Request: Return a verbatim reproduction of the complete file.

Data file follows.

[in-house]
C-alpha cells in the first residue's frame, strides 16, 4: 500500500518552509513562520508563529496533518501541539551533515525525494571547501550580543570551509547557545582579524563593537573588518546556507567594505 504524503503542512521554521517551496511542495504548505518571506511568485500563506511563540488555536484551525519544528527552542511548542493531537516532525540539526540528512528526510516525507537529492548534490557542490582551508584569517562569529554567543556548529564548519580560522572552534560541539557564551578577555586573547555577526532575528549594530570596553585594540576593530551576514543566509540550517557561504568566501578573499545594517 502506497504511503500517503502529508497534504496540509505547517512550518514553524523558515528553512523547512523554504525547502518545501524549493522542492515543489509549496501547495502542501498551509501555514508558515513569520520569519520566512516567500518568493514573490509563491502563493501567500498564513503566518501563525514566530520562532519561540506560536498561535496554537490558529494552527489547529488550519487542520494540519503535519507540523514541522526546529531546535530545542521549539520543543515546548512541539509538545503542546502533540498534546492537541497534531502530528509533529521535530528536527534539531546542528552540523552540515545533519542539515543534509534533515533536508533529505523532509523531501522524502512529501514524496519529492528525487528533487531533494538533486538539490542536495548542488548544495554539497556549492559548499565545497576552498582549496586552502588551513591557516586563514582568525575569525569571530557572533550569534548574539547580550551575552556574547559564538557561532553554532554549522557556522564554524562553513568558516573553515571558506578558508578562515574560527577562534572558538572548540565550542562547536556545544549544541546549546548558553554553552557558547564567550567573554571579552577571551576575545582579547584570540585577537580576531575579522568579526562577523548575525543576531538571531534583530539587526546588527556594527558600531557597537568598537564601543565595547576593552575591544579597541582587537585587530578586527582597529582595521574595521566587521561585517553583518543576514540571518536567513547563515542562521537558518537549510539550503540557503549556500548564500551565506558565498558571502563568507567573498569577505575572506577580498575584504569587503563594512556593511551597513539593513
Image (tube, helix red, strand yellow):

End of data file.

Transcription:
[in-house]
C-alpha cells in the first residue's frame, strides 16, 4: 500500500518552509513562520508563529496533518501541539551533515525525494571547501550580543570551509547557545582579524563593537573588518546556507567594505 504524503503542512521554521517551496511542495504548505518571506511568485500563506511563540488555536484551525519544528527552542511548542493531537516532525540539526540528512528526510516525507537529492548534490557542490582551508584569517562569529554567543556548529564548519580560522572552534560541539557564551578577555586573547555577526532575528549594530570596553585594540576593530551576514543566509540550517557561504568566501578573499545594517 502506497504511503500517503502529508497534504496540509505547517512550518514553524523558515528553512523547512523554504525547502518545501524549493522542492515543489509549496501547495502542501498551509501555514508558515513569520520569519520566512516567500518568493514573490509563491502563493501567500498564513503566518501563525514566530520562532519561540506560536498561535496554537490558529494552527489547529488550519487542520494540519503535519507540523514541522526546529531546535530545542521549539520543543515546548512541539509538545503542546502533540498534546492537541497534531502530528509533529521535530528536527534539531546542528552540523552540515545533519542539515543534509534533515533536508533529505523532509523531501522524502512529501514524496519529492528525487528533487531533494538533486538539490542536495548542488548544495554539497556549492559548499565545497576552498582549496586552502588551513591557516586563514582568525575569525569571530557572533550569534548574539547580550551575552556574547559564538557561532553554532554549522557556522564554524562553513568558516573553515571558506578558508578562515574560527577562534572558538572548540565550542562547536556545544549544541546549546548558553554553552557558547564567550567573554571579552577571551576575545582579547584570540585577537580576531575579522568579526562577523548575525543576531538571531534583530539587526546588527556594527558600531557597537568598537564601543565595547576593552575591544579597541582587537585587530578586527582597529582595521574595521566587521561585517553583518543576514540571518536567513547563515542562521537558518537549510539550503540557503549556500548564500551565506558565498558571502563568507567573498569577505575572506577580498575584504569587503563594512556593511551597513539593513
Image (tube, helix red, strand yellow):